“A Collective Ignorance About How Agriculture Interacts With Natural Systems”
Interview with Achim Steiner executive director of the United Nations Environment Programme (UNEP
JOHANNESBURG, Apr 9 (IPS) – Representatives from countries, civil society and the private sector are meeting this week in Johannesburg, South Africa, to review the findings of the three-year International Assessment of Agricultural Science and Technology for Development (IAASTD). This global initiative has examined agriculture from all angles, to determine how farming might be done more sustainably in the futur
Acknowledging that certain changes might be difficult to embark on, Steiner nonetheless called on delegates to “Draw inspiration from South Africa to do something that no one thought was possible…(take on) the difficult challenge of walking forward together.”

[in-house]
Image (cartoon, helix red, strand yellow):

IPS environment correspondent Stephen Leahy sat down with Steiner to find out more about the difficulties facing agriculture around the world.
IPS: Why is this the time for agriculture to move in a new direction?
Achim Steiner (AS): Agriculture is increasingly reaching limits in terms of arable land and water availability, reduction in soil fertility and increasing environmental impacts. Modern industrial agriculture considers these impacts as extraneous even though the loss of ecosystem services undermines the very basis of what sustains agriculture. If our modern agricultural systems continue to focus only on maximising production at the lowest cost, agriculture will face a major crisis in 20 to 30 years time. There is a collective ignorance about how agriculture interacts with natural systems and this must change. Continue reading